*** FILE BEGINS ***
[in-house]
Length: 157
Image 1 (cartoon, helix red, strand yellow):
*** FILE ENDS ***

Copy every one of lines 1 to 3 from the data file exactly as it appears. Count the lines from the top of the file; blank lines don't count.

[in-house]
Length: 157
Image 1 (cartoon, helix red, strand yellow):